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HIGH-THROUGHPUT SCREENING SERVICES
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The high-throughput screening (HTS) laboratory, which is part of the Center for High-Throughput Structural Biology (CHTSB) at the Hauptman-Woodward Institute (HWI), will prepare crystal-growth screening experiments in 1536-well microassay plates for a nominal fee.  (This fee does not quite cover the costs of doing the experiments.)  Experiments are started at approximately one-month intervals.  Although an effort is made to accommodate everyone as quickly as possible, there is a queue for sample submission, and a delay occasionally occurs.  In order to reserve a spot in the crystallization queue, you must return a completed high-throughput screening order form and wait for instructions telling you when your sample(s) can be submitted.  Click the appropriate button to download the HTS Order Form.  For more information, contact the HTS Lab (htslab@hwi.buffalo.edu).

Information will not be publicly disclosed regarding any sample received for crystallization trials without the expressed written consent of the investigator(s).  However, investigators will be asked to give certain information about the target protein for inclusion in the crystallization database that is being compiled as part of the ongoing research program in crystal growth at HWI.  (Participation is voluntary, but is strongly encouraged and deeply appreciated.)  The database is composed largely of results from experiments conducted in the high-throughput laboratory, and it will be used to predict crystallization recipes for proteins that have never been crystallized successfully. The prediction algorithm depends on the identification of proteins that have been crystallized and are similar to the problem at hand.  Measures of similarity based on biochemical and biophysical properties are being devised.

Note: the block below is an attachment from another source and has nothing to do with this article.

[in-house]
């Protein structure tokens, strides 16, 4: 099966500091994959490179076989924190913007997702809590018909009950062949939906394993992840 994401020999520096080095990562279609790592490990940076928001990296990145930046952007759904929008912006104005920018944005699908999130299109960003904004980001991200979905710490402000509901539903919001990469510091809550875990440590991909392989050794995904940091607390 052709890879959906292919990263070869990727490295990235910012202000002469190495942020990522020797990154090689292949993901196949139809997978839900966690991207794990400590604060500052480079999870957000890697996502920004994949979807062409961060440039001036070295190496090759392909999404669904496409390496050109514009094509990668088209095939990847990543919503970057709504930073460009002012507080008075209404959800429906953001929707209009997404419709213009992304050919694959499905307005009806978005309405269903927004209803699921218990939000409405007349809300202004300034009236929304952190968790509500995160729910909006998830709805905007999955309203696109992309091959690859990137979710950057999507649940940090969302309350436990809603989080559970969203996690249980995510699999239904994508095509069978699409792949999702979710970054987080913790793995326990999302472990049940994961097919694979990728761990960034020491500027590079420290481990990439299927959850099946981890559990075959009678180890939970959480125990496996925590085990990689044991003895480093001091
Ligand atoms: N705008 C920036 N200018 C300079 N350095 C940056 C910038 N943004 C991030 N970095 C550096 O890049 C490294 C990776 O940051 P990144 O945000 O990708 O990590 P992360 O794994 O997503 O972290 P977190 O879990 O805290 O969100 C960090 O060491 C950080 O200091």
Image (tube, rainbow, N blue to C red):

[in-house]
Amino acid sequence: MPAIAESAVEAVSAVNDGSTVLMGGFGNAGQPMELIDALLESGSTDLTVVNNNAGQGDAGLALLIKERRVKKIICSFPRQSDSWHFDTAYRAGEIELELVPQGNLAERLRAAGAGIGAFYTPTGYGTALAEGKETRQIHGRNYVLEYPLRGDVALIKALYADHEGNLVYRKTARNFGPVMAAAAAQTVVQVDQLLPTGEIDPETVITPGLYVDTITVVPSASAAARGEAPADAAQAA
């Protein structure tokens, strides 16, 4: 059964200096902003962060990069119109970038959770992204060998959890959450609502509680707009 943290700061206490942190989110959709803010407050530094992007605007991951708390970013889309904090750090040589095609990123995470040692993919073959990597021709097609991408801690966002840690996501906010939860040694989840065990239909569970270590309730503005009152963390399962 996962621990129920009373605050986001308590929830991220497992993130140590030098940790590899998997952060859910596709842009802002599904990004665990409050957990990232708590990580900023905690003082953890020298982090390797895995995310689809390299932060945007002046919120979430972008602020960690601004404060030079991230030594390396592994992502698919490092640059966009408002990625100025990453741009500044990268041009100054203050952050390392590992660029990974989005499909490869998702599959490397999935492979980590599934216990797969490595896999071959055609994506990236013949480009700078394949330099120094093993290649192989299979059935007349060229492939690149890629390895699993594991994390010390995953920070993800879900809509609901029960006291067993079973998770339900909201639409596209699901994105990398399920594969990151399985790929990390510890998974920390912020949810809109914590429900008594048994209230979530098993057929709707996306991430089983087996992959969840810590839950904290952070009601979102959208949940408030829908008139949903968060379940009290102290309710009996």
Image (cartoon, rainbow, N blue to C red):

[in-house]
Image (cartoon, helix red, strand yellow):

If the high-throughput screening facility assists you in identifying initial crystallization conditions, then to help us track the use and success of the screening laboratory, we ask you to please reference the following article:

Luft, J. R., Collins, R. J., Fehrman, N. A., Lauricella, A. M., Veatch, C. K. & DeTitta, G. T. (2003). A deliberate approach to screening for initial crystallization conditions of biological macromolecules. J. Struct. Biol. 142, 170-179.  [PubMed]